Thanks. I looked up this book. It's $120. I guess I will have to try the magnet systems that were recommended in this thread.
    The gallery management was worried that magnets can't hold the weight of a very large giclee print.
  11. framah

    framah PFG, Picture Framing God

    With enough mgnets and the stronger ones out there, I'd be more worried about getting them to let go without tearing the paper.
    shayla likes this.
  12. DVieau2

    DVieau2 PFG, Picture Framing God

  13. wpfay

    wpfay Angry Badger

    The system I've seem used has countersunk steel plates on the walls and matching diameter magnets (they were about the size of a quarter). The magnets has a padded face so it wouldn't mar the paper, and a white plastic snap on cover. My understanding is that they are removed by sliding them off the steel plate rather than trying to lift them directly off. They were spaced about 12" apart around the perimeter of the art.

    The book on magnetic mounts is expensive. I bought my copy pre-publication and I think I spent $75.00 for it a year in advance of its release. It is incredibly technical, but I have some down time coming up and I plan on reading as much of it as I can.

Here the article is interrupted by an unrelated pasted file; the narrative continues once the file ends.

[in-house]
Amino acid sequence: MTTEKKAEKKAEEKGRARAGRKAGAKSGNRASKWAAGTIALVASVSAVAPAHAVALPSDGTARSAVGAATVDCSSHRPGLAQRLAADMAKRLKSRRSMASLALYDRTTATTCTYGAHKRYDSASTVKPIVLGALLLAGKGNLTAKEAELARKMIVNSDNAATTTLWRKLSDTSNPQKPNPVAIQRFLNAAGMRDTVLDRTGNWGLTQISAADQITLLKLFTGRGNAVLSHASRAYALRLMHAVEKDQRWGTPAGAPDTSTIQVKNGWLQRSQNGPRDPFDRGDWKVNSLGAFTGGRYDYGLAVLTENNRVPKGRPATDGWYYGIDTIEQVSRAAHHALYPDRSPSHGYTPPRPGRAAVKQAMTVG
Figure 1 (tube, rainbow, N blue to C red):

I talked with the head Preparator at the local Museum and he gets his magnets from http://www.magnet4less.com/index.ph...4NjRv1LOj1uB9MpUlLqlnlDS_Pqmp-uBoCKcAQAvD_BwE
    shayla likes this.
  14. Hazany

    Hazany CGF II, Certified Grumble Framer Level 2

    Wow thank you so much for all this information. I will look into these products.
  15. Hazany

    Hazany CGF II, Certified Grumble Framer Level 2

    Where did you buy your magnets with the padded faces? from magnet4less.com?
  16. wpfay

    wpfay Angry Badger

    The padded ones came from a different source. I haven't been able to get up with the current Curator of the Museum who was the one that actually did the install on the piece in question.
    The current Preparator was only part time back then and doesn't know the source. In talking with him, he does suggest using more cylinder shaped magnets vs. thin discs so you can get a decent grip on them to remove.
  17. JFeig

    JFeig SGF, Supreme Grumble Framer

    Who ever said that all of an artists ideas are realistic, feasible or comply with the laws of physics?
  18. artfolio

    artfolio SGF, Supreme Grumble Framer

    Yep, they don't let minor details get in the way of their artistic vision.

    Like the artist who brought me a long, narrow pencil sketch around 5' x 2' ,. He wanted it framed without a matt and said it was o.k. to stick it down. Snag was he had stuck two pieces of paper together with a 1" strip of paper down the middle which would leave a visible ridge. "No problem" he said "It is only stuck with Aquadhere so you can damp it and peel it off" :oops::rolleyes:

    After thinking about it he took it away to get some further advice and later told me he had found someone who could do it without sticking it down - apparently, you can just put these things in a frame and the pressure of the backing against the glass keeps them flat:rolleyes: